A final vote on immigration reform in the US Senate last night failed to gain a majority in favour of moving the legislation forward.
It is being seen as a major legislative setback for President George W Bush who had backed the bill.
For many of the millions of illegal immigrants in the US, including tens of thousands of Irish, this bill represented the best opportunity for comprehensive reform in years.
Immigration reform is arguably the biggest and most contentious domestic issue in the US and senators on Capitol Hill have battled over the past two weeks to shape their version of this crucial legislation.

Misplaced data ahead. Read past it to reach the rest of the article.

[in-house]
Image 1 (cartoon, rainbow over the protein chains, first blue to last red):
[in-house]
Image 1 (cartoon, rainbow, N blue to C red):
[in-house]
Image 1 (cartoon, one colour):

Originally billed as a grand bargain bringing together Republican and Democratic senators as well as the President, the bill fell victim to several amendments from both sides of the aisle which eroded its core base of support.
A final vote last night was 15 votes short of the majority needed to move the legislation forward.
The Senate Majority Leader Harry Reid has now shelved the legislation.
While its supporters believe it can be revived, the upcoming US Presidential elections means that time is not on their side.
Afterwards one of the bill's architects, Senator Ted Kennedy, said while the vote was a big disappointment, failure was not an option.
He said he intended to continue to work for the bill to become law.